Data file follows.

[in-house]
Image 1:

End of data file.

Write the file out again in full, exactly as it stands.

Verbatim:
[in-house]
Image 1: